Topic outline

  • Topic 1: HEG.MGT.001-Research Methodology and Writing Skills

    Course Summary

    This course provides an overview and motivation for the use of qualitative and quantitative research methods, including observation, interviewing, questionnaires and surveys, and the use of case studies. This course will provide students with the necessary background in research methods to carry out different kinds of research during their graduate studies, but also be able to recognize in the future what makes good research, whether this is in journalism, social and economic reporting, industry, politics, and academia.

    The course is designed to provide students with theoretical knowledge and practical experience to carry out independent research that knows when it is academically and scientifically sound.

    Course Objectives

    This course presents the process of research from the inception of a purpose statement or research thesis through to the writing up of a report or essay. Through exposure to different research methods, students will learn which method is appropriate for the research questions and/or hypotheses they generate.

    The class will be primarily hands-on with students formulating their own topics and ideas for the course. During the course, they will design a research plan, and begin the work on their own essay or thesis. This course may serve as the first step in formulating the topic, purpose, and research method for their thesis. At the end of this course, students should have a fully developed research plan and will be assigned a thesis advisor to oversee their thesis project. The course brings students to examine the why and what for of research by reading up on different theories and methods. This will include qualitative and quantitative methods, mixed methods, as well as inductive vs. deductive inquiry. In addition, students will learn to recognize research integrity and validity, formulate research questions and hypotheses, and develop the design for a thesis or report, as well as how to conduct a literature review and prepare an annotated bibliography.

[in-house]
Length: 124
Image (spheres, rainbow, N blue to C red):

Expected Outcome / Learning

    This research methods course provides learning in terms of critical thinking and evaluation of other people's research, and it places an accent on the importance to learn clear communication to distinguish a fact from a finding, from knowledge-gathering, or from arguments based on unexpressed assumptions. Students will have learned to use both qualitative and quantitative research methods, and to analyze research - their own and others' on the basis of the validity and appropriateness of the research tools and methods used for the given subject and research objective.

    Upon the successful completion of this course, the student will be able to:

    - Develop a purpose statement that may be in the form of a research question or a hypothesis.